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From classic cubes to sexy bulbs, this summer it’s not just what you drink, it’s how you chill it

Cocktail aficionados have long thought about how to decorate their favorite drink – from the garnish to the glass type.

Now they have turned their attention to the modest ice cube. It’s a trend of the smartest bartenders, fanatical about what some call the most crucial ingredient.

After all, why spend money on delicious alcohol and mix it with precision and then top it off with something that looks like it was appreciated with a pack of frozen peas?

From rocks to spheres, shards to icebergs, there are a myriad of ice shapes to choose from these days, each suitable for cooling – or diluting – different types of drinks to enhance the experience.

Helen McGinn shared advice for combining different forms of ice cream with cocktails as bartenders cause the summer trend (file image)

Helen McGinn shared advice for combining different forms of ice cream with cocktails as bartenders cause the summer trend (file image)

Here, our beverage expert Helen McGinn reveals what’s cool this summer. Remember, the water you use must be fresh (top mixologists even select signature mineral water) and the ice must be kept in the freezer before serving – sweating it in a bucket will dilute your cocktail very quickly.

Welcome to the new ice age. . .

IN GOOD FORM

The classic shape – made by the standard ice cube trays in most of our freezers. These are ideal to throw in the shaker when making cocktails like a Martini (unless you stir yours of course).

If you’re using cubes in a long drink cocktail – one made in a tall glass – fill it with four or five cubes, instead of adding a few cubes at the end.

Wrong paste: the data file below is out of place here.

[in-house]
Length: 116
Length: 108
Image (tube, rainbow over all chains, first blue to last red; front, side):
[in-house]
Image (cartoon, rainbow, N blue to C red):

And don’t worry about a lot of ice thinning your drink, because if you keep the drink colder, the cubes don’t melt and it stays stronger longer. Indispensable when it comes to cocktails.

CURVES TO ENJOY

Helen said ice cream with a curved surface the size of golf balls is best served with drinks in cups like Negronis (file image)

Helen said ice cream with a curved surface the size of golf balls is best served with drinks in cups like Negronis (file image)

Helen said ice cream with a curved surface the size of golf balls is best served with drinks in cups like Negronis (file image)

These are almost the size of golf balls, larger than a cube and have a smooth, curved surface.

The scientific part is that, with less surface contact with what’s inside the glass, the ice melts more slowly. Which in turn means that the drink stays strong longer.

These are great for drinks in cups like Negronis, keeping them wonderfully strong and looking great.

Round ice cube molds are widely available if you want to make them at home, but you can also buy them in big bags at the supermarket.

Perfect to throw in a G&T too, especially when served in a balloon-shaped copa glass.

IT’S CRUSH HOUR

The drink expert explained that crushed ice is essential for hot day cocktails, including mojitos, mint juleps, and wine-based slushies (file image)

The drink expert explained that crushed ice is essential for hot day cocktails, including mojitos, mint juleps, and wine-based slushies (file image)

The drink expert explained that crushed ice is essential for hot day cocktails, including mojitos, mint juleps, and wine-based slushies (file image)

Crushed ice is essential for making cocktails to sip on hot days, such as mojitos, mint juleps, or wine-based slushies.

And if you want to hurry with your own frosé – that’s frozen rosé – you’ll have to improve your crushed ice game.

You can, of course, put ice cubes in a blender and blow them to smithereens, but I prefer the old-fashioned method. Namely, put ice cubes in a freezer bag, wrap it in a tea towel, and beat it with a rolling pin until crushed (the ice, I mean). You tend to lose less dilution compared to putting it in the blender.